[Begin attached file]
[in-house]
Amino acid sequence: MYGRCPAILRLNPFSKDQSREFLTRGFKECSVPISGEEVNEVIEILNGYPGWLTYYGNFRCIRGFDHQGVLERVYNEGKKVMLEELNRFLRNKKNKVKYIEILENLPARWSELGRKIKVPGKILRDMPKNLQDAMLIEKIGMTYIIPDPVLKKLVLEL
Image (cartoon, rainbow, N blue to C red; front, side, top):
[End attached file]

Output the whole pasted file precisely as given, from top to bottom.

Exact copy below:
[in-house]
Amino acid sequence: MYGRCPAILRLNPFSKDQSREFLTRGFKECSVPISGEEVNEVIEILNGYPGWLTYYGNFRCIRGFDHQGVLERVYNEGKKVMLEELNRFLRNKKNKVKYIEILENLPARWSELGRKIKVPGKILRDMPKNLQDAMLIEKIGMTYIIPDPVLKKLVLEL
Image (cartoon, rainbow, N blue to C red; front, side, top):